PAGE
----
“The fact that it happened while I was listening to a spooky podcast didn’t help matters either.”
I once had a bugzapper go off while I was working in a circuit box. That WILL get your blood pumping.

Regarding the fan: This sort of catastrophic failure (when it stops working and breaks and makes a mess all at once) is actually not all that uncommon. In older devices and systems, especially ones with constant, chaotic movement (like vibration), the metal of the screws is able to built up small defects over time, while the plastic becomes harder and more brittle as it ages. If the device isn’t built with very much redundancy (like it has exactly the number of screws needed to keep it together and no more), catastrophic failure is especially likely. Once one screw fails, the weight or other forces it used to counter spread out through the structure and add strain to the other screws and key structural points, making them more likely to fail as well. Combine that with a sudden failure in the first component, and you end up with all the components failing at almost the exact same time. It can be especially bad in rotary devices (like fans), which are usually built to be fairly well balanced so as to avoid excess vibration. Then, when a part fails, it often throws off the balance on the rotor, which causes more vibration, which causes more stress on other components that wasn’t even supposed to be there, making failure even more likely. If you’d like to see an example, there are some really great slow-motion Youtube videos of windmills that fail in high wind. It’s kind of amazing to see a structure that had so much thought and engineering put into it just tear itself apart like that.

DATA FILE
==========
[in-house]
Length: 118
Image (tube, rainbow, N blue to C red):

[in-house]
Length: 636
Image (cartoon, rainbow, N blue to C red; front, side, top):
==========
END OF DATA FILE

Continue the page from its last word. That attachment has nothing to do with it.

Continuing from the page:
Damn you! Damn you and your deep storytelling!
I’m not crying, you’re crying!
Haha, feels like you really understand though. Kudos to you.

“How we deal with the past is just as important as how we face the future.”

Kind of sounds like Kirk’s lines in Star Trek II – The Wrath of Kahn;

David Marcus: Lieutenant Saavik was right: You never have faced death.

Kirk: No. Not like this. I haven’t faced death. I’ve cheated death. I’ve tricked my way out of death and patted myself on the back for my ingenuity. I know nothing.

David Marcus: You knew enough to tell Saavik that how we face death is at least as important as how we face life.

Kirk: Just words.

David Marcus: But good words. That’s where ideas begin. Maybe you should listen to them. I was wrong about you. And I’m sorry.

Kirk: Is that what you came here to say?

David Marcus: Mainly. And also that I’m proud – very proud – to be your son.